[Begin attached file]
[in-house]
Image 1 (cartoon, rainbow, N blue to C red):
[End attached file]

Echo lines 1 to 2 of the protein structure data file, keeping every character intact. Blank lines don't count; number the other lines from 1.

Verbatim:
[in-house]
Image 1 (cartoon, rainbow, N blue to C red):